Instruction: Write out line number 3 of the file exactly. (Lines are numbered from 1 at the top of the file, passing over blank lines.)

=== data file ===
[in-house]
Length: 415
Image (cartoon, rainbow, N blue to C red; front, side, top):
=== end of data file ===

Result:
Image (cartoon, rainbow, N blue to C red; front, side, top):